Budd
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NewMan wrote:

Wrong. Have you ever read your owner's manual?
Matt
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oh, give me a freaking break !
the A604 uses NO over-running clutches
therefore, with the converter locked, it's like a manual

the advice was SPECIFICALLY about descending grades

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I agree, however when the accellerator is released the tcc disengages.
<snip>
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not in '3', it doesn't

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I'll have to try that. :-) Although none of the CV I've driven have had a 3 position. Must be on the new ones? Mine all had and have P R N OD D L, IIRC

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On Mon, 13 Mar 2006, Olaf wrote:

Go out and look, and you'll probably find you're misremembering. With a 4-speed automatic, the shift quadrant reads P R N D 3 L. With a 3-speed automatic, the shift quadrant reads P R N D 2 1.
GM does it differently with a 4-speed: "P R N [D] D 3 2 1", while Ford usually gives you "P R N (D) 3 1".
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On Mon, 13 Mar 2006 16:52:47 -0500, "Daniel J. Stern"

For the benefit of those who are new here and/or haven't been following the various Caravan transmission discussions, which of those two transmissions tends to have the most maintenance problems, in the early-to-mid 90's Grand Caravans?
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On Mon, 13 Mar 2006 23:56:58 -0500, snipped-for-privacy@nospam.com wrote:

IIRC, the 3 speed tranmission is a GOOD tranmission. It has not had any particular problems that I recall reading about here. The only problem was that most vehicles were not equipped with it! ;)
The 4 speed automatic ( AKA A-604 or 41te in more recent years) is the one with the problems. It is also the most common trans found in the Caravans. Based on my experience, and what I have read here, I would say that earlier models (early to mid 90s) are the ones that had the most problems. Newer versions appear to be better, but you must be mindful of the high maintenence requirements compared with the older tranmissions. In the old days pretty much all you had to do was make sure the fluid was topped up, and that was about it. The tranny ran until it died, and that was somewhere between 150,000 and 300,000 MILES. The A-604 is a nasty piece of work by comparision. You should change the fluid and filter every one to two years. It is NOT designed to do any particular amount of towing, and if not properly maintained will die at an early age.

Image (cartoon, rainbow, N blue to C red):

My 94 GC dropped the tranny at approximately 130,000 km, or approximately 81,000 miles and it did so before the van was 10 years old. It had to be rebuilt twice - once at charge, and once on "warranty" before it was rebuilt correctly. Touch wood, I am about 30,000 kms into the second rebuild and all seems well.
Prior to owning this vechicle, I had all GMs. My old 68 nova went 130,000 miles before the powerglide started to have problems. The rebuild cost me $150, and another $150 to re & re. My old 79 malibu went in excess of 300,000 kms before I sold it. NEVER had a problem with the transmisison - ever. My 88 cutlass cruiser had almost 250,000 kms on it when I traded it in, again NO tranmission problems of any kind.
When you compare those numbers to the A-604, the A-604 has performed quite badly. It appears that DC released the design long before it was really ready, and has been using the general driving public as part of its R&D efforts at our expense. Having said that, this is water under the bridge. The newer incarnations of the 41te seem to be generally more reliable, and people are now acutely aware of the maintenence requirements, so things tend to last longer. Whether the reliability is up to snuff, only time will tell.
And, despite all that, I love driving my GC. Mine has the 3.3l engine - the total opposite of the trans! It is a rock, but that is another story. (just STAY AWAY from the 3.0l engine). It is a great vehicle that has - touch wood - never left me stranded. :)
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My wife drives a 1989 Caravan. Had the transmission replaced at about 95,000 the second one has about 50,000 on it. I do no maintence on this transmission other the check the fluid. My wife also drives it harder than I would. It is my experience that any transmission that makes it to about 100,000 in Phx, AZ is doing about all it can. I had Ford C-4's that only went around 75,000. Ford C-6 seem to go a lot longer.
Yes the caravan was never ment to tow anything.
NewMan wrote: